Fast food chains incurring losses

Foreign fast food chains have been in Vietnam for more than 10 years and have annual revenue of trillions of dong. But many of them continuously take losses.

fast food chains incurring losses hinh 0

Foreign-owned fast food chains have been present in Vietnam

Lotteria tops the list of brands incurring losses, with an accumulative loss of VND433 billion by 2017, nearly equal to the company’s charter capital. Its finance report showed that high sale costs led to continuous losses.

Jollibee came to Vietnam one year after Lotteria and incurred the loss of VND400 billion, a little lower than the charter capital of VND409 billion.

They both have a high gross profit margin, approximately 50%, and high spending on sale costs.

With charter capital of VND200 billion, McDonald’s has incurred a loss of VND500 billion after four years in Vietnam.

Other fast food chains such as Pizza Hut, The Pizza Company, Burger King, Domino’s Pizza and Popeyes have also been taking losses.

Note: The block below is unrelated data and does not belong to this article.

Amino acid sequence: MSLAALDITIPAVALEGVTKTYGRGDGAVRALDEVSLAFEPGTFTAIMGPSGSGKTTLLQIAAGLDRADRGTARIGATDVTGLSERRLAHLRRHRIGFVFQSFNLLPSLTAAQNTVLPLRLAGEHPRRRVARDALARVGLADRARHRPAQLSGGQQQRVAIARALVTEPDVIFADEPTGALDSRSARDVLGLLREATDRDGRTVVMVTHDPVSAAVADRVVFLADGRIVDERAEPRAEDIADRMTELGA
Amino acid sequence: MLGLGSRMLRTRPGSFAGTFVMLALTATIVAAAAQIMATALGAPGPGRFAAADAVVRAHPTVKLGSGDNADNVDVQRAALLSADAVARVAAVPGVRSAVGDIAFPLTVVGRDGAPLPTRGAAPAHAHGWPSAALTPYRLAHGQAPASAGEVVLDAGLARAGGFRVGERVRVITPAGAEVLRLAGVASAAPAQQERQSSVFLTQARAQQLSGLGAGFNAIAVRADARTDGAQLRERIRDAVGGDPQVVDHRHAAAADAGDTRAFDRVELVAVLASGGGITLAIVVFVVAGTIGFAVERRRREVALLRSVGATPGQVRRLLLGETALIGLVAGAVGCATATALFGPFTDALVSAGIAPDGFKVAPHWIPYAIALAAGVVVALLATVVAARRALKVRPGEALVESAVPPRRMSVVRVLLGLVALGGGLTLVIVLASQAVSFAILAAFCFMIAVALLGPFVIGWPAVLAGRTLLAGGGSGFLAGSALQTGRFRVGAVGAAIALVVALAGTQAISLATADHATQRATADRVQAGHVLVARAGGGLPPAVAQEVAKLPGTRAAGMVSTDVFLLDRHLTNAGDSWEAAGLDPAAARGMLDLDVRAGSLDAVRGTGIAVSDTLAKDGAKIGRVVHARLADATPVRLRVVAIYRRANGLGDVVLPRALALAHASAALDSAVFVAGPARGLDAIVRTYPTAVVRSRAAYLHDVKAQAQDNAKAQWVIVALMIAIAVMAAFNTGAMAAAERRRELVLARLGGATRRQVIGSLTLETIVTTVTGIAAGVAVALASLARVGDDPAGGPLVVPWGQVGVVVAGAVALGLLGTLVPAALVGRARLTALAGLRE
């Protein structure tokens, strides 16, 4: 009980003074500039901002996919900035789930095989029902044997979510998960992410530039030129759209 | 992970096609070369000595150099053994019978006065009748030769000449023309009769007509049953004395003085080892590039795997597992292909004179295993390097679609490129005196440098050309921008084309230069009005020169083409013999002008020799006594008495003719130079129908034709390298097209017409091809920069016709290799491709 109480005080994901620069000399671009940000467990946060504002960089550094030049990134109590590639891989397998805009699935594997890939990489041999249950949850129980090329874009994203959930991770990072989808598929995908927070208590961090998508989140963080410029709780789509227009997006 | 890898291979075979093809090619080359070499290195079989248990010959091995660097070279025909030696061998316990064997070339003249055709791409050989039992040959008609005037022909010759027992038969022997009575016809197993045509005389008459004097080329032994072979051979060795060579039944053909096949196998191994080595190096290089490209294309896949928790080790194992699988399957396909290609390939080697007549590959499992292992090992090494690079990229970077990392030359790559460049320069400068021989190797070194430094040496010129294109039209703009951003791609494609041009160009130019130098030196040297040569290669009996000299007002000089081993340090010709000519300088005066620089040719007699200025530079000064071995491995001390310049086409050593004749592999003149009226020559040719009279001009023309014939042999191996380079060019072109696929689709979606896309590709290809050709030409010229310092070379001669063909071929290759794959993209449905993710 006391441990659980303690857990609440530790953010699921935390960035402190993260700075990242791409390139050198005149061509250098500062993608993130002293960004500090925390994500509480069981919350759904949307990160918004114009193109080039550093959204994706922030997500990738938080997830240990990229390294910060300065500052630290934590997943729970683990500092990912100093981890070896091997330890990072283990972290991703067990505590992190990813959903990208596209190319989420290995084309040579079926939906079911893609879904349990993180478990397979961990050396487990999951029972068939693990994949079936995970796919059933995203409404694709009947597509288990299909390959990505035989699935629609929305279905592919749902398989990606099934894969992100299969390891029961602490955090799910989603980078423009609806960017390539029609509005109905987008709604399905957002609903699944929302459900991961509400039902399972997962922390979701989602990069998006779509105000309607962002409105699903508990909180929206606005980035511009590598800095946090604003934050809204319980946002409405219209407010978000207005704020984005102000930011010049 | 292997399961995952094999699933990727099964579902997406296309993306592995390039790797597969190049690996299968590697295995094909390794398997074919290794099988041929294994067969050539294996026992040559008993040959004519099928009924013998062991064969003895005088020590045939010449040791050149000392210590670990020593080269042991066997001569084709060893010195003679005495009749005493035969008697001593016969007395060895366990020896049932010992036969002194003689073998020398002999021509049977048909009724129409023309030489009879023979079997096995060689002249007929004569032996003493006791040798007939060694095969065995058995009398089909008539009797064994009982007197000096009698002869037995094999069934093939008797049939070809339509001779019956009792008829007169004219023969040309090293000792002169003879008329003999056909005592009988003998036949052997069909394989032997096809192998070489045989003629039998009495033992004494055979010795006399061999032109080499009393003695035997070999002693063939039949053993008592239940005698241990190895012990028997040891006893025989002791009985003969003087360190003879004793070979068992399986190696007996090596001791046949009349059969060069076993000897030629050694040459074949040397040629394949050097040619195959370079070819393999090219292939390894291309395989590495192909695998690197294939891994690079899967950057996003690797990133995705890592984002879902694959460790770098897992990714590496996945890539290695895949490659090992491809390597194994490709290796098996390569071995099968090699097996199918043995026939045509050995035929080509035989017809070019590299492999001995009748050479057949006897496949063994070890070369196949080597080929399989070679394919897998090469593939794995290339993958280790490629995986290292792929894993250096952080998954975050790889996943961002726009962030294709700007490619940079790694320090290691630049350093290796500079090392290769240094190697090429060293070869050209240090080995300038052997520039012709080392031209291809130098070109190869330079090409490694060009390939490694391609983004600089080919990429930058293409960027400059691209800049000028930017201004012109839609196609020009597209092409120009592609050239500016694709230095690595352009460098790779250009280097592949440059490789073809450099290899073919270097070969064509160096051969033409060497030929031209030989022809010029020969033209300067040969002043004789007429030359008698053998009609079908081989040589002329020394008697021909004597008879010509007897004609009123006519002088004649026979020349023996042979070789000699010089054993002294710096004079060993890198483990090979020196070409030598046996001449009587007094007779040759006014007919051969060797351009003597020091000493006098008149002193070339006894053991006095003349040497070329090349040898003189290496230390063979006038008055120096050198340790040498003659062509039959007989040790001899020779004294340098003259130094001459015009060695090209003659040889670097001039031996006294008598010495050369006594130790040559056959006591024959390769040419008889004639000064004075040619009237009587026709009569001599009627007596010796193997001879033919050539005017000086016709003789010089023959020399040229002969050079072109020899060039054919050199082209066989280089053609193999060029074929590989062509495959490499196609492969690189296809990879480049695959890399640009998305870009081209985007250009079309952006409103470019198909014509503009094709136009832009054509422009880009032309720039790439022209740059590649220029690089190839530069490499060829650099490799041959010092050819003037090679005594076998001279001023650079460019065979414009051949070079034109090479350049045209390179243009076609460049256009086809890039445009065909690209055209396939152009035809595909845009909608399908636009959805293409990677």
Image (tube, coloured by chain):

KFC, after a long period of both taking losses and making profits, unexpectedly reported profit of VND103 billion in 2017.

Golden Gate is considered a big player in the fast food market with its brands Ashima, Huton, Vuvuzela, isushi, Gogi and Sumo BBQ. Golden Gate saw a galloping rise in the number of customers in the last eight years, from less than 1 million in 2008-2009 to 4 million in 2016.

In the same year, revenue reached VND2.626 trillion, a sharp increase of 42% in comparison with the year before and the post-tax profit was VND229 billion, a growth rate of 49%. 

In recent years, its revenue was high, but the ROS (return on sales) was at 8%-9% per annum only.

According to Hoang Tung, the founder of Pizza Home, five Pizza Home shops exist in Ho Chi Minh City, but all of them have shut down. In Hanoi, Pizza Home retains only five most profitable shops after restructuring.

“Of course, we want to scale up business in large cities, but this depends on business results,” he said.

High costs
Tung said after the boom period, the market reorganized. Some chains shut down shops they had opened in Hanoi, while others were unable to expand their networks as initially planned. This was attributed to high sales costs.

Tung confirmed that the expenses on materials, retail premises and workforce to run fast food chains are higher than in other sectors.

Lai Tien Manh, a branding expert, said the food & beverage market in Vietnam is attractive with an annual two-digit growth rate.


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